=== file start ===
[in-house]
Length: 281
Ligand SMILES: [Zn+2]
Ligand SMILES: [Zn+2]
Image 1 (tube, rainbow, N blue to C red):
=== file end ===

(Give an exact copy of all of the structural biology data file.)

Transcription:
[in-house]
Length: 281
Ligand SMILES: [Zn+2]
Ligand SMILES: [Zn+2]
Image 1 (tube, rainbow, N blue to C red):